You’re making a path. The habits you employ – they are cutting a path in your life – and we aren’t alone – it disturbs the fields around others, too. The only choice we have is “what kind of a path are we carving? What choices tomorrow will be easier because of the choices we make today?”

Utiltiy Trucks and Cones

I can’t find the picture I took a few years ago when I saw something neat in a parking lot near me – a local electric utility meter reader truck parked at a Dunkin Donuts. I had intended (oops…) to write a post with what I saw. The driver got out, put a cone in front of his pickup and one behind it, and walked into the store to get some coffee.

I waited. And when he came out, he walked 360 degrees around his truck and put the cones in the truck’s bed. “Excuse me, why did you that with the cones?” I asked – expecting the answer I got – “We have to. It makes us walk around the truck and check for hazards, kids, pets, etc.”

I.Love.That. This is a way to develop a habit of “walking around the truck and looking for hazards and risks. It’s a good habit. The insurance companies like not having claims. The drivers like not having to experience something horrible. Parents should be relieved to know this is done.

What small things can you do tomorrow to start building a good habit (or breaking a bad habit?) And you have so many phases of your life to try that in.

A few things I’m trying to do to build some good habits:

  • Not stopping for the day until my desk is clean. You should see the empty water bottles that I used to collect in my office stacked everywhere. GROSS.
  • Writing a blog post each day – even at 10 PM, this month-to build some habits.
  • Skipping the “Political repost and rant” tweet more often than not 😉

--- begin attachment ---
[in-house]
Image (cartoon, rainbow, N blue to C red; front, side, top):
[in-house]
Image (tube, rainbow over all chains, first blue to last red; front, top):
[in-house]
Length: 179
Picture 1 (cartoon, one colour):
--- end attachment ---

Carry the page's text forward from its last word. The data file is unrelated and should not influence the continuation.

Some others I told myself I’d start doing but need to “shut up and do” :

  • Read the Bible each morning and take the quiet time I keep talking about. Consistently.
  • Do something “extra” physical each day (something at the farm that is part of a routine doesn’t count. Waking up and walking downstairs doesn’t count either.)
  • Plan the next day before I go to bed each day consistently.

It works in the office too. Timesheets. Finally, looking into that repeat alert, you ignore each time. Reviewing the health of one of the SQL instances under your care on Monday and picking a different one next Monday. Committing to learning. Start blogging. Start presenting about a topic of interest.

Build those paths. And put out those cones.

Mike Walsh
Article by Mike Walsh
Mike loves mentoring clients on the right Systems or High Availability architectures because he enjoys those lightbulb moments and loves watching the right design and setup come together for a client. He started Straight Path in 2010 when he decided that after over a decade working with SQL Server in various roles, it was time to try and take his experience, passion, and knowledge to help clients of all shapes and sizes. Mike is a husband, father to four great children, and a Christian. He’s a volunteer Firefighter and EMT in his small town in New Hampshire, and when he isn’t playing with his family, solving SQL Server issues, or talking shop, it seems like he has plenty to do with his family running a small farm in NH raising Beef Cattle, Chickens, Pigs, Sheep, Goats, Honeybees and who knows what other animals have been added!